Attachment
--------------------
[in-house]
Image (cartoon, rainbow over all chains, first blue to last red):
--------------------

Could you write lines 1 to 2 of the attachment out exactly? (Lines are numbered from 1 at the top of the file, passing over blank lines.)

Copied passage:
[in-house]
Image (cartoon, rainbow over all chains, first blue to last red):